People is the core of innovation. Without it, it will just be a body without a soul.
I would say people is the most important yet difficult part of the equation in making innovation happen. Most people would say that you need the right kind of people for innovation to happen. What I believe is that everyone has the ability to innovate. Each individual have their own unique strength and they look at things differently from you. The challenge will always be on how you motivate them to start thinking differently.
The following are some ideas of mine on managing people for your innovation initiative.
Job description is the first step
It’s important to set the expectation right the moment they step into the company. Those who are selected to join your organisation need to know that part of their responsibilities is to find ways to improve the organisation and it can be anything from products to processes or maybe environment.
Furthermore, job description is another way to convey the kind of culture that your organisation has. And I don’t mean having ” We have an innovative culture ” kind of statement in the company introduction. I will discuss more later as this will require an entire article of its own.
Even Pessimist plays a part in innovation!
In the article “The 6 People You Need in Your Corner“, Jessica Hagy wrote that nothing incredible is accomplished alone and you need certain kind of people in your team to do that. And one of them that she listed is “The Doubter”.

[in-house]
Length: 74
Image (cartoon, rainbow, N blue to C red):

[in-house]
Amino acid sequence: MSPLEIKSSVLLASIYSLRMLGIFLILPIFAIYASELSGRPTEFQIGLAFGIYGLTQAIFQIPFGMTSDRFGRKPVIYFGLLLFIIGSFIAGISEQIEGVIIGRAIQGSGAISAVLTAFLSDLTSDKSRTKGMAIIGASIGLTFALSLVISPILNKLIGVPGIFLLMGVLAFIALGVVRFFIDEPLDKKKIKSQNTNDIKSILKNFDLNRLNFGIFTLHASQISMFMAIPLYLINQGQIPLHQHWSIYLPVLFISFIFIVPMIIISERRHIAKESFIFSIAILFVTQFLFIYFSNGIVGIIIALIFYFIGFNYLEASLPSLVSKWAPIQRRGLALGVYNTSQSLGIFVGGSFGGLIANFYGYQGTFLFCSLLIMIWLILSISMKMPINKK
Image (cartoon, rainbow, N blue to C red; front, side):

Relating back to innovation, you cannot have a whole team of believer and work on every ideas that seem remotely feasible. You need “The Doubter” to ask all the right question to make sure (at least) all major risks are considered.
The point is to look past whether this person can innovate. Bear in mind that everyone can play a part in the innovation process. Use culture-fit as your beacon to see if he/she is the right person for your team/organisation.
Diversity is the key
In an article from HBR blog network, “Want a Team to be Creative? Make it Diverse“, the author, Beth Comestock said that tension is required to produce breakthroughs and tension comes from diverse points of views.
If you are building a team to come up with innovative solutions to solve certain problems, you need to involve people from other departments who can look at things differently. Depending on the situation, it might be good to involve people from a totally different background or discipline. For example, in a marketing ideation session, a philosopher might give ideas which will induce consumers into thinking the way the marketer wants them to think.
Keep the core team small
To move fast and to remain focused at all time, the core team needs to be small. Depending on the situation, 3 to 5 people is a good number. But do involve a bigger audience at different stages of the project to gather feedback and also to keep essential people in the loop on what’s going on.
The above-mentioned points are in no way an exhaustive list of how to select/manage people to make innovation happen. But it’s a start and I welcome opinion or more ideas on it.